It happened months ago, and yet, I wouldn’t be surprised if I wasn’t the only one who hadn’t yet heard. With the distressed economy at home and the political unrest abroad, it would have been an easy announcement to miss. But it shouldn’t have been.
This past June, Rear Admiral Sandra L. Stosz became the very first woman to be appointed Superintendent of the U.S. Coast Guard Academy. For that matter, she’s the first woman to ever be appointed Superintendent of any military academy.
The fact that the U.S. Coast Guard was the first to take this particular plunge isn’t surprising. It was as far back as 1975 that the Coast Guard Academy opened its doors to women (even before the Department of Defense was ordered to do so by Congress), and shortly thereafter, in 1977, that the Coast Guard opened all of its jobs to women. Even today, the U.S. Coast Guard is the only branch that does not reserve certain jobs for men alone. That could be one reason why this year’s Academy class is comprised of about one third women – a higher percentage than at any other military academy.
In contrast, women weren’t allowed to serve in combat positions within the Navy and Air Force until 1993, and even now, the Army and Marine Corps refuse women the opportunity to serve in infantry, artillery, and armor units. In case the lines here are hard to draw, it’s significantly more difficult to rise through the ranks of an organization that does not permit you the opportunity to gain experience in critical roles.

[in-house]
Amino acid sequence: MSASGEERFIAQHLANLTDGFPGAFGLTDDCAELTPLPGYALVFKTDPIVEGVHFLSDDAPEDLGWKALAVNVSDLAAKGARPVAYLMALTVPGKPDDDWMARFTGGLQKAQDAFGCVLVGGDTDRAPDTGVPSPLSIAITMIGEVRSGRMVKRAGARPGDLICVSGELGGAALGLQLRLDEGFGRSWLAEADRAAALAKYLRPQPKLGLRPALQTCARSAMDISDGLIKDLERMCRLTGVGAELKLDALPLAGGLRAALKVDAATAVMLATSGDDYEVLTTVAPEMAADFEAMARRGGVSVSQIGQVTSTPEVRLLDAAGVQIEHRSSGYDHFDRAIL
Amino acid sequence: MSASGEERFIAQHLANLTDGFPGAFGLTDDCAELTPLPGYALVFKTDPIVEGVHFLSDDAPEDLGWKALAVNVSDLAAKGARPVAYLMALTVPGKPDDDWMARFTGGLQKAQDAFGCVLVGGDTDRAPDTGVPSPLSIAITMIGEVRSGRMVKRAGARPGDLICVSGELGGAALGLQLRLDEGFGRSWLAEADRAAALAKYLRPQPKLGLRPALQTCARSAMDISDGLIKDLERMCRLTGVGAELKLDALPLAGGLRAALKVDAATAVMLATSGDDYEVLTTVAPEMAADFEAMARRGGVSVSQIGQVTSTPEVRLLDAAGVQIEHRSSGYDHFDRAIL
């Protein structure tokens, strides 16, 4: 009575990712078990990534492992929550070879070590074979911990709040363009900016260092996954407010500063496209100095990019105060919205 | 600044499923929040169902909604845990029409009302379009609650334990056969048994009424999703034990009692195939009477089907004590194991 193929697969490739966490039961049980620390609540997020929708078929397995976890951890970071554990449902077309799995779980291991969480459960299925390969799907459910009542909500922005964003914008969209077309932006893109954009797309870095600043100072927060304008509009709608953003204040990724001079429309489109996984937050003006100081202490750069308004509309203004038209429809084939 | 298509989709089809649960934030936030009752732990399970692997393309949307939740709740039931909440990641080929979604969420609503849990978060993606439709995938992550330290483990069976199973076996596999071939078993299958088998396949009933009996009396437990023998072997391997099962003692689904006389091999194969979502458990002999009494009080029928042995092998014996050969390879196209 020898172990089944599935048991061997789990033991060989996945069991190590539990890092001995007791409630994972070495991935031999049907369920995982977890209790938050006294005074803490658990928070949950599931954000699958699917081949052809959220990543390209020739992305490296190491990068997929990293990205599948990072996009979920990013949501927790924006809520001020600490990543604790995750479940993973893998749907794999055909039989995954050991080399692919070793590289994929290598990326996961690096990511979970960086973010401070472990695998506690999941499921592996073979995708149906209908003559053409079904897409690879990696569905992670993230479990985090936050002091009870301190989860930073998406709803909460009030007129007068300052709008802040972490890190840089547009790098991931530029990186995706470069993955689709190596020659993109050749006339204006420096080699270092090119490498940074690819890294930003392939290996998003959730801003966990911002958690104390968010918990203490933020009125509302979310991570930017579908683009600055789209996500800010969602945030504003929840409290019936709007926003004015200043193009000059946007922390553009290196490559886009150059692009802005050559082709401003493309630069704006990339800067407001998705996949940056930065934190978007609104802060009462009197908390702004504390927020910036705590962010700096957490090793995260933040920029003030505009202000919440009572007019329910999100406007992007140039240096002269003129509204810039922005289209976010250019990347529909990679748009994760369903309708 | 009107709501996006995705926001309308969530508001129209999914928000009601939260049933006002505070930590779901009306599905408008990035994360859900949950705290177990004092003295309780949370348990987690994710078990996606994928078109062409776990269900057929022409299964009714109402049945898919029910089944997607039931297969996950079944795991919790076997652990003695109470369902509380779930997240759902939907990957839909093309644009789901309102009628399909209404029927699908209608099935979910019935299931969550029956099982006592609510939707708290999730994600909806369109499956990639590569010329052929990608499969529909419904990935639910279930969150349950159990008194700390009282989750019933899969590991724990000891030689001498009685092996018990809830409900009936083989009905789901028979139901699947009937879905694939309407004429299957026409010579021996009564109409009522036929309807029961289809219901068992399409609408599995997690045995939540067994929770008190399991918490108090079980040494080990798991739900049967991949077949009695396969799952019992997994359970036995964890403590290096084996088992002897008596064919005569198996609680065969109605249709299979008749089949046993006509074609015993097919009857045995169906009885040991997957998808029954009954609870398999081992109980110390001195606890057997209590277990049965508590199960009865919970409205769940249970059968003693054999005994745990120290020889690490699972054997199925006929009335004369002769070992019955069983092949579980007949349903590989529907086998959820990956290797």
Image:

Of course, women have been carrying out Coast Guard duties since even before there was a formal Coast Guard. As early as 1830, women were responsible for minding the primitive lighthouses, a job which required little formal education, but enormous patience and stamina. The Women’s Reserve of the Coast Guard was formally created by Franklin Roosevelt during World War II (although of course, as frequently happens when women are made visible in great quantities, some assumed recruitment for the Women’s Reserve was really a front for a government-sponsored prostitution ring). But since then, women have moved up the ranks of the U.S. Coast Guard with equal consideration, and many feel that this branch is the most institutionally supportive of professional female development and advancement.
This isn’t the first gender barrier that Rear Admiral Sandra L. Stosz has broken. She was also the first female graduate of the U.S. Coast Guard to even achieve the rank of Admiral. Now, by accepting her new leadership position at the Academy, she’ll serve as an example to not only women in the service, but to other servicemembers, decision makers, and institutions as well. It’ll be inspiring to see what she accomplishes in her new role.